Updated: Jul 3
There's a big chasm between the shop floor and the upper management team, guarded by terrified Trolls appearing when no-one is looking to steal from their victims - subordinates who can do very little but soak up the effects of being shut down when they say something of importance. Things like:
"This doesn't work very well - I've a better idea."
"I'm not sure this is the best method for that process."
"Isn't there an easier way to deal with this situation?"
Such quotes are tentative explorations of an identity trying to establish a thought form to develop an original idea. Trolls aren't interested in any identity bar their own, they want power and they stand at the bridge. You don't get to cross that bridge unless they say so, and if any idea of yours gets to the other side of the bridge where the management team are sitting, it's probably going to be their idea by the time it gets there (and look completely different from your own).
A healthy company has a positive environment to work in and a vision of where it's going, with a mission shared across the mindset and a goal everyone understands, so this is of course an extremely demotivational template on which to be running things. People want to be proud of their logo, their corporate identity, and would like to be proud of a lot more. When the company is one they are happy working in, that satisfaction is multiplied a thousand-fold. Where engagement is allowed to lift morale, productivity and quality go up, too.
Middle-Man Trolls, however, are often to be found determinedly blocking the path from rational managerial concepts of workplace positivity to shop floor ideology so that the two cannot meet and get creative.
The only solution to this problem is to dissolve the fear. Those power-crazed mid-managers (who cleverly disguise as 'anything but' in front of key personnel) are likely to consider themselves great at their job, with resultant disloyalty to the company being beyond the remit of their thinking. The fearful tend to attack before thinking, and that's what has to change. Teaching an old Troll new tricks is a bit of a hard call, but it's not impossible as this research paper attests.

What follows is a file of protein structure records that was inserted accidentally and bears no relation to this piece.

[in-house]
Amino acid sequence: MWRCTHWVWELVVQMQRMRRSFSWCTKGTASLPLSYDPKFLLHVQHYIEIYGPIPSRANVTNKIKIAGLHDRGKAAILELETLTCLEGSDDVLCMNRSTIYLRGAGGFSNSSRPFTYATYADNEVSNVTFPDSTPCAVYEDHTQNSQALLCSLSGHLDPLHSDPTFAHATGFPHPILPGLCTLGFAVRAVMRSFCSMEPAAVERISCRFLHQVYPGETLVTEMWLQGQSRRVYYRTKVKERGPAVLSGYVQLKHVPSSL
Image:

Trust is a commodity we're used to throwing away - you could say we're actively encouraged to do so, with memes flying around about casting off toxic people and selecting your friendship circle based on how good they make you feel. Never mind how much history you've shared, or how difficult you both might be, or what one has done to hurt the other that the other finds it really hard to see. The trend is to push an element of psychology that's far from trustworthy, tempting us into the pockets of people who want us to believe that their clan is the best in the world and we're nothing if we're not in it. Danger, danger, Daleks are approaching....
Gut instinct is trustworthy. When you're talking to someone and you know they're talking straight without a script or a fiscal obsession... you'll know these people when you find them. Right now (imho) this is the 'birds of a feather' thing having its time, albeit somewhat overdue. If you've found yourself with a working partnership that resonates this way, open up to it. Have some deep conversations.
There's nothing like a deep conversation to reveal the ring of truth in a harmonic, where you might suddenly find a struck chord opening that box we need to step out of if we're going to find our way to a paradigm that actually works, and my guess is it's the bright alloy of engineering, psychology and science that's going to beat a path to that particular solution.